Basically, this one is [b:The Dirt: Confessions Of The World's Most Notorious Rock Band|25378|The Dirt Confessions Of The World's Most Notorious Rock Band|Tommy Lee|https://d202m5krfqbpi5.cloudfront.net/books/1348978271s/25378.jpg|26119], only instead of being about rock stars, it's about poker stars. It's fine as far as it goes, but nothing special.
Having spent years playing, I already knew a lot of these stories and basically all of these players, but I can see the appeal to a certain sleazy glance into what happens when people who are very young suddenly find themselves making absurd amounts of money.
The book never really does the job it sets out to do when it comes to suggesting that they "grow up" eventually, but that shouldn't stop you from enjoying it. It's an odd fault to have, since they did and most of them lead fairly normal lives now.
[The reality is that I probably wouldn't have bothered with a review if it weren't for the fact that all the reviews on the first page here were by a bunch of people so busy moralizing that they hardly had time to insert their brags about getting this book for free or how important they are to have the publisher send it to them. Seriously, some people shouldn't be allowed to review books unless it's for their sunday school indoctrination class or clearly marked as a thinly-veiled attempt to brag about something no one is impressed by.]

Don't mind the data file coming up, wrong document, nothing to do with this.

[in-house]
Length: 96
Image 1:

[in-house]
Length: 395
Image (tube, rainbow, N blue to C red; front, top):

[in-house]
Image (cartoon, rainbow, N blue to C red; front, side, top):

The one real complaint I have about the book itself is that you don't come away with even a cursory understanding of just how radical some of these guys were as poker thinkers. Sure, you get a bunch of stories about strippers and booze, but you miss out on the fact that several of them have created theories about the game that are so profound that you can barely consider yourself a player anymore unless you have the concept down. Galfond's (Jman) contributions to the game with "gBucks" is such an important concept in the game that you can literally divide players into the category of those who know and it and apply it properly and those who don't (hint: if you don't know what it is, you're probably in way over your head in anything but a home game). But then, combinatorics don't generally make for a very thrilling read, do they?
I mean, really, who wants to hear about applied statistics and equity evaluation formulas when you could be reading about people doing lines of blow off a table in the middle of a game at a casino?